not applied to the wind farm parameters because the control objectives in the wind farm does not
provide voltage or frequency support. The wind farm delivers the same active and reactive power
regardless of frequency and voltage.
Table II: Simulation cases
Case Applied to
1. Start-up of a 5 MW directly connected motor OP-SGGT
2. 30ms 3ph fault with clearing OP-SGGT
3. Wind Speed Fluctuations WF-PMSG

Fig. 6 shows how the frequency deviation f sys and voltage deviation Vsys are calculated. Here, the
parameter OPSG- X d is varied according to the range in Table I, and the motor-start is applied to each
simulation. The largest deviation is identified and measured in a plot. This is done for each
combination of parameter and simulation case, and the results are summarized in Table III.


Voltage [pu]


0.85 1.7
 V=0.072 2.0

0 5 10 15

Fig. 6. OPSG- X d under case 1) Motor Start

Results and Discussion

The sensitivity analysis indicates that the parameters examined do not have the same relative influence
on the system but that some of these parameters have a major impact while other a negligible

The sub-transient parameters X d , X q ,Td 0 ,Tq 0 in OP-SGGT have no impact on the motor start case, while
they have influence in the fault case. This can be justified by noticing that the fault transient is
characterized by fast dynamics where the sub-transient phenomena can have a major influence. On the
opposite the dynamics in the motor start up case are not fast enough to have any appreciable effect for
the change of sub-transients parameters. To strengthen this statement, the stationary and transient
parameters X d , X q , X d  ,Td 0 show sensitive behavior to Vsys also in the motor start case. These parameters
influence transients with slower dynamics. The last two parameters in the OP-SGGT, armature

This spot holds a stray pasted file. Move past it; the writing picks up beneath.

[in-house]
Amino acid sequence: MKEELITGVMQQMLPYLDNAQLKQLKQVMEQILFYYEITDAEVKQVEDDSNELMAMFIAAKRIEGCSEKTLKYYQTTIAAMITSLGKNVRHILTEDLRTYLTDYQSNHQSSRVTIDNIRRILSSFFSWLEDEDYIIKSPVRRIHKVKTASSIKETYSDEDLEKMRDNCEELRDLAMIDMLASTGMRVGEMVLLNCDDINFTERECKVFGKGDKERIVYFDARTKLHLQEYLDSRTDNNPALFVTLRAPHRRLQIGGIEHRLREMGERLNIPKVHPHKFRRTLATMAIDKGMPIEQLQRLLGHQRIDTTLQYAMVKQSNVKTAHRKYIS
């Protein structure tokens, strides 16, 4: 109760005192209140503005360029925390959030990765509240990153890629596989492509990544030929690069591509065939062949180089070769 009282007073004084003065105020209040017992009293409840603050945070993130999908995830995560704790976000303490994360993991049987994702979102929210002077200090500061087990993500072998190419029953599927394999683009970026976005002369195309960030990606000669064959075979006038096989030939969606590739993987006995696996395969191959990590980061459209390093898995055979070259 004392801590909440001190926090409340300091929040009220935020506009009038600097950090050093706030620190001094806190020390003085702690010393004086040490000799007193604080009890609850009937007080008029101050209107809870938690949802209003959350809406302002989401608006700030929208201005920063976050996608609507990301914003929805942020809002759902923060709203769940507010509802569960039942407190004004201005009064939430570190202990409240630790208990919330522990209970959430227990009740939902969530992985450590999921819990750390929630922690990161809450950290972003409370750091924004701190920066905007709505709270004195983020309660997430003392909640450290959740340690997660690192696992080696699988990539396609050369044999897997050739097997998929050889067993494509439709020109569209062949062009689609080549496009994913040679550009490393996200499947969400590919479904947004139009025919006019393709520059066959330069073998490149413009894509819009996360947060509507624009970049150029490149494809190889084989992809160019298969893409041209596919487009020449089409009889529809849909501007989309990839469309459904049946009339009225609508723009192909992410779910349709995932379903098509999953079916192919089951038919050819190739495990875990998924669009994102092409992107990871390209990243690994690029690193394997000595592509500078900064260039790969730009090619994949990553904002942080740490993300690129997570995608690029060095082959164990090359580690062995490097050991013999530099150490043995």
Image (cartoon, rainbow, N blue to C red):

resistance Ra and Potier reactance X p , give low f sys and Vsys . This indicates that accuracy in their
modeling is not important.
Table III: Results
1. Motor Start 2. Fault 3. Fluctuations
f sys Vsys f sys Vsys f sys Vsys
Parameter Parameter
set % pu % pu % pu % pu % pu % pu
OP-SGGT Xd 0.12 7.2 - 3.6
OP-SGGT Xq 0.12 6.5 - 1.45
OP-SGGT X d 0.17 10.9 0.13 1.8
OP-SGGT X d  - - 0.34 2.5
OP-SGGT X q - - 0.24 1.5
OP-SGGT Td0 - 3.5 0.07 10.9
OP-SGGT Td0 - - 0.05 1
OP-SGGT Tq0 - 1.2 0.1 1.7
OP-SGGT Ra - - 0.184 0.6
OP-SGGT Xp - - - -
OP-SGGT J 1.5 0.67 1.6 1.5
OP-SGGT K gov 5.5 4.34 3.1 0.5
OP-SGGT T fuel 1.17 - 0.5 1
WF-PMSG Xd - -
WF-PMSG Xq - -
WF-PMSG J 0.7 1.0
WF-PMSG K 2 3.4
WF-PMSG T 1.5 -
“-“ means that the results are below the following thresholds: Frequency: 0.05%, Voltage: 0.5%

None of the generator parameters in OP-SGGT has a significant influence on f sys , indicating that they
have low impact on the active power transfer. However, three other parameters are closely linked with
the frequency dynamics. The inertia constant J in OP-SGGT is proportional to the energy required to
accelerate the generator and does hereby decide the amount of active power required to increase the
frequency to a given level. Secondly, the gas turbine fuel system time constant T fuel can be interpreted
as the major time delay for a power increase in the turbine to be realized. During a disturbance or load
change, active power will temporarily be drawn from the energy stored in the rotational mass of the
system. This can be seen in Fig. 7a , where T fuel is changed in the motor start case, with variable wind
speed applied. A high value of T fuel leads to frequency oscillations because the response time of the
gas turbine is increased, and more rotational energy is drawn before the gas turbine reacts. Finally, the